Decolonising the Alamo narrative is long overdue

'The Alamo celebrates the takeover of Texas by the Anglo US'
A thrilling story is told at the Alamo site. All photos except the last: Rashmee Roshan Lall

A child wearing a reproduction Davy Crockett coonskin hat sold by the dozens at the Alamo gift shop

A friendly Alamo Ranger, one of the detachment that stands on 24-hour guard at this most ‘sacred shrine’ of Texas, took this photo as we visited the site soon after arriving in San Antonio in the wee hours of the morning. It was a magical moment, the site silent and hushed, sans the thousands who throng it every day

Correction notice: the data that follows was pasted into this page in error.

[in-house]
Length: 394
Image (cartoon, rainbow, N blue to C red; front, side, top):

Following on from the three Texan writers’ book and exhortation to Forget the Alamo (or at least critically appraise the glorious mythmaking that surrounds one of America’s most popular historic sites), here are some photos of the 18th century site.

One of my brothers-in-law, a theologian and a professor, says that after visiting the Alamo, he always took care to head to the San Fernando Cathedral, the Roman Catholic church a short distance away. “The walk is short, the cultural difference immense,” he said. “The Alamo celebrates the takeover of Texas by the Anglo US. The Cathedral is still the heart of Hispanic culture.  So two histories so close together: a heroic stand for freedom (Davy Crocket, Jim Bowie, etc) or an invasion of another country heroically thwarted.”


“Our battered suitcases were piled on the sidewalk again; we had longer ways to go. But no matter, the road is life”
– Jack Kerouac

Also read:

Should we remember the Alamo and just forget the myths?

Glorious myths about the Alamo ‘sacred shine’ draw millions every year